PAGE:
On the day that England’s logjam at the top of their T20 batting order potentially got even more clogged following the successful promotion of Sam Curran as Chennai Super Kings’ latest opening batsman against the Sunrisers Hyderabad, there is at least one candidate for their World Cup plans who has no intention of pushing his way up the order.
After what may yet prove to have been a breakthrough summer in England colours, Sam Billings says he would relish the chance to become the team’s designated finisher, having completed the English international season with his first extended run of opportunities since 2017.
And England may well need him to do just that, given that so many of their batting options are currently gravitating towards the top three, both for England and increasingly in franchise cricket.
For the moment, Jos Buttler and Jason Roy remain England’s first-choice T20 openers, with Jonny Bairstow slated to come in at No. 3 despite his powerful opening partnership with David Warner for the Sunrisers Hyderabad. Tom Banton made his IPL debut at the top of the Kolkata Knight Riders’ order earlier this week, while Dawid Malan, the No.1-ranked T20I batsman in the world, is likely to get a chance to push his case with a stint in the BBL this winter.
And with Ben Stokes returning to action this week as Buttler’s new opening partner at the Rajasthan Royals prior to Curran’s powerful opening cameo of 31 from 21 balls on Tuesday, that leaves Billings and Eoin Morgan as the only two specialist batsmen in England’s most recent T20 squad whose skills are not currently being deployed at the front of the innings.
“There’s quite a few options at the top of the order,” Billings said. “Jason, Tom Banton, Phil Salt… all these guys. But they can battle it out for those three spots. I’ve just focused on what I’ve done this summer and hopefully I can continue that form over the course of the winter.
“It is a different role, and it’s a very specific role,” he added. “So it’s one that I really want to grasp. It’s a role that I’ve done consistently over the last few years for Kent, and something that actually I prefer.”
Billings, 29, withdrew from the Chennai Super Kings’ squad last year, prior to the Covid outbreak, primarily to focus on his red-ball duties with Kent. But with England’s squads split across two formats to allow their full international programme to take place in a condensed season, he seized his recall with a pair of match-winning knocks in tight run-chases against Ireland, before producing a maiden ODI hundred against Australia.
And while his returns in four T20Is against Pakistan and Australia were less imposing, that is the format in which he has produced his finest innings to date for England – a blistering knock of 87 from 47 balls in St Kitts last year, in which he rescued a scoreline of 32 for 4 in the sixth over, to set up a crushing 137-run win.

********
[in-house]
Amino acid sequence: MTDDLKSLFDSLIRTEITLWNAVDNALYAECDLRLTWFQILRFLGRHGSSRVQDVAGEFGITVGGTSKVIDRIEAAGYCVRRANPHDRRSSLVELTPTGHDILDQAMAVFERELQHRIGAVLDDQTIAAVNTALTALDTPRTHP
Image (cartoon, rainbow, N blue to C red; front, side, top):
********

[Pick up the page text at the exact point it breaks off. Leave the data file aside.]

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That innings, however, came shortly before Billings dislocated his shoulder in a fielding accident in his first appearance of the 2019 county season – an injury which ended his hopes of featuring in the World Cup and left him fearing his England career would end up being a series of stand-in appearances when he was omitted from the tour of South Africa earlier this year.
“It’s easy to say that but, actually, if you look at the record, that was a fact,” he said. “This [summer] was the first time I played consecutive games for England in ODI cricket since 2017. And then before that, it was two games against Ireland, and before that it was my debut series back in 2015.
“It’s great to get consistent opportunity and an extended run as a player,” he said. “Chennai have done with loads of players and that’s why they are the most successful franchise around: they give players the opportunity to succeed and fail as well. A game here or there isn’t in anyone’s best interest.
“I know my game,” he added. “In the middle overs, if we’ve lost early wickets, it’s about rotating the spinners, as you see all the best players in the world do. That’s something that I strive towards, and then having the power at the back-end of an innings to win games of cricket.
“I’m never going to be the biggest run-scorer in terms of a competition or a tournament,” he said. “However, in terms of winning games of cricket, whether it’s ten runs off the last three balls, they’re the kind of contributions that are hugely valued in that role, and I want to be the man to do so.”
England’s international plans for the winter remain up in the air, with their planned white-ball tour of South Africa still awaiting clearance from the South African government. But one tournament that Billings will be taking part in is the Abu Dhabi T10, which has been pushed back from its original date in November to January 28-February 6.
And though he does hope to be in the top three for that particular event, Billings reckons that many of the skills required for finishing in T20s will be in even more demand with only 60 balls to play with.
“It’ll be pretty tricky coming in at five or six, you might be in for two balls,” he said. “But it’s about the realisation that, as a batsman especially, your numbers won’t stack up. I think T10 cricket will change how we measure batting, so that instead of averages and traditional strike rates, it’ll be judged in terms of batting impact.
“In T20 cricket, everyone wants to bat in the top three, because it is the nicest place to bat. But actually, a contribution of 20 off six balls as a No. 6 batsman has far more of an impact than, say, 40 off 30 at the top of the order. So how cricket is going to change in that respect is really interesting.”
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